Saskatchewan Butter Tarts Recipe

A Canadian tradition!

Everyone who knows me knows that I have a love/hate relationship with my mother. Don't get me wrong, my mother is loving and wonderful; a teacher and mentor; smart, giving and understanding. She taught me how to cook and how to sew. She taught me how to stand up straight and how to stand up for myself. One of the few things she never really taught me to do was to iron. I hate ironing; she loves ironing. Ironing is the bane of my existence; ironing is the household chore she does the most often. I don't so much as own an iron, she has a separate room dedicated to its specific use.

I digress.

My mother has shared many things with me over the years. She helped me grow up into the woman that I am today. She took care of me when I got sick and supported me when I went back to nursing school. She shared with me her love of cooking, baking and food to such an extent that I can't stay out of the kitchen (especially when I’m at her house!) and have massive amounts of cookbooks and recipes pillaged from every different source imaginable.
BUT. I only recently discovered that she held back on something. There was a secret between us that she could never coaxed into divulging. A deep, dark, sticky, sweet, delicious secret that she held close to her heart and kept from me for many, many years.

Her Butter Tart recipe. Those utterly flawless, deliciously perfect, miniature tarts. Each one crammed almost to the brim with a syrupy, gooey, delectable filling that leaves your teeth throbbing and your tummy clambering for more.


Saskatchewan Butter Tarts
(from an out-of-print Chatelaine cookbook circa the 1950's)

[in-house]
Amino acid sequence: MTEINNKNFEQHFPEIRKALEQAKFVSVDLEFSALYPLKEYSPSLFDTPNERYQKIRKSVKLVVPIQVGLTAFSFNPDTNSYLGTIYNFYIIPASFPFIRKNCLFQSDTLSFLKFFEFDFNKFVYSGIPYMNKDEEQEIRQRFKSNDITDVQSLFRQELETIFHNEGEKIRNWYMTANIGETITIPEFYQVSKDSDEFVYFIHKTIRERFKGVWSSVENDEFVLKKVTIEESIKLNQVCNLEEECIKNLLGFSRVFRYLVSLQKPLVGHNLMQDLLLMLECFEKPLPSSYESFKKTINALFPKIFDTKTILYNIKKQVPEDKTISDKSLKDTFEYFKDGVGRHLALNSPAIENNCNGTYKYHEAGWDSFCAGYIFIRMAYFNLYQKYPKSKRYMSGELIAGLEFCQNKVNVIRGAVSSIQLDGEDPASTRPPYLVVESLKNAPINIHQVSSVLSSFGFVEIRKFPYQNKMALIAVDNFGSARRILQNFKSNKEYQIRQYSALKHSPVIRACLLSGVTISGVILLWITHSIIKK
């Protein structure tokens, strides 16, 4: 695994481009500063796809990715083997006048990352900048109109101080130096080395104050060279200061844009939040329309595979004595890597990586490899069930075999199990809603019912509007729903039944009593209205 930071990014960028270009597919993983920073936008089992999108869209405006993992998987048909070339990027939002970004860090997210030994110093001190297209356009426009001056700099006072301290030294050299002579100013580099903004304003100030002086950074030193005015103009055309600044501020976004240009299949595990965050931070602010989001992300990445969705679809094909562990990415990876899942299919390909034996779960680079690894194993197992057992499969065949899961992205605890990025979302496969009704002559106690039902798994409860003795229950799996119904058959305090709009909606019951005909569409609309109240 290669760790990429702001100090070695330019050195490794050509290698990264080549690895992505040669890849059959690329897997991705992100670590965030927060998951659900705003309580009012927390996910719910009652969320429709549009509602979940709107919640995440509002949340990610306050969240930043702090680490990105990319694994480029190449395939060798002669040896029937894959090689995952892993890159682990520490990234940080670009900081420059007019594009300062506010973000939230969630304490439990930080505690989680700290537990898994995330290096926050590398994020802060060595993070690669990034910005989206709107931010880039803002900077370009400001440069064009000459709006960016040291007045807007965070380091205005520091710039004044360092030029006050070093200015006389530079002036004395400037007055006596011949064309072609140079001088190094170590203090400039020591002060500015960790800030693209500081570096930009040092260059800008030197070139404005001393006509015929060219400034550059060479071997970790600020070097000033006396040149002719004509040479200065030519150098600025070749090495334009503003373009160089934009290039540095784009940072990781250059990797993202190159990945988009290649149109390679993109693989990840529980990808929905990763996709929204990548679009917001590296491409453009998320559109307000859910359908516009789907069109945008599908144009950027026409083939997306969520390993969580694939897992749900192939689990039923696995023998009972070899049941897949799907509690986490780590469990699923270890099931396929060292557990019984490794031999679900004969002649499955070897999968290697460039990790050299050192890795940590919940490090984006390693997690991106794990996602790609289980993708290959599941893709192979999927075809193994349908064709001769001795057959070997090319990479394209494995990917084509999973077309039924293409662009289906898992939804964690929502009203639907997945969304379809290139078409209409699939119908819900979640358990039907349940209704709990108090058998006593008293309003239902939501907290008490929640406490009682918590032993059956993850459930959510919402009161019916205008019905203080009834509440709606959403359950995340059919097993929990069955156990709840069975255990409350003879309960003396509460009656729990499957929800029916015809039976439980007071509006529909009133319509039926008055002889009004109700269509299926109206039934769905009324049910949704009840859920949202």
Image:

I'll bet that you can't eat just one. It's simply not possible.


2 2/3 cups all purpose flour
2 tablespoons sugar
½ teaspoon salt
2/3 cup cold unsalted butter, cut into pieces
6 tablespoons cold vegetable shortening, cut into pieces
8 tablespoons ice water (+/- depending on weather and humidity)

2 eggs
1 cup brown sugar
1/4 cup maple syrup
1 tablespoon melted butter
2 teaspoons lemon juice
1 teaspoon vanilla
1/8 teaspoon salt

1. Sift the flour and salt into a bowl. Cut in the butter and shortening to make pea-size pieces. Add ice water until dough holds together, then form into a ball. Wrap with plastic wrap and refrigerate for at least 15 minutes.

2. Roll on a lightly floured surface to about 1/8" thick. Cut the shells using a round cookie cutter that will cut circles that will fit your muffin tin (I like to make mini tarts so I use about a 2" diameter cutter). You should have about 12 medium or 24 small shells when finished. Put these shells into a greased muffin pan.

3. Preheat oven to 400 degrees F and beat all ingredients together until full of bubbles. Spoon into pastry-lined tins and bake for 20 minutes.


Jennifer Hamilton adores food. The cooking of it, the eating of it, the discussing of it, the laughing about it, the taking pictures of it, the describing of it, the contemplation of it, the sharing of it and the writing of it.

Sometimes she lies awake at night reading cookbooks: tempting herself with all the new dishes she can make from both familiar and foreign ingredients. To her, cookbooks contain the magnetism of a romance novel, vacation brochure and screenplay – written in a seductive language of zesting, rolling, beating, sweating, kneading, searing, trussing and roasting. Her fingers ache for the roughness of a wooden spoon or the weight of a cast iron skillet, even when she isn’t in the kitchen.

Hoping to pass this enthusiasm along to her young son, she has taken him under her wing and into her kitchen. It takes tolerance and a keen sense of humour to cook for and with a kindergartner—two things Jennifer has in spades.

She will share with you her culinary secrets, and might even admit some of her own shortcomings in the kitchen, and in life. She is devoted to sharing her love of her son, her adoration of food and her trials with her family through her writing, in the hope of inspiring you to love sticking your fingers in the bowl as much as she does.

Follow Jen on Twittter @JennGoddess and visit her other blog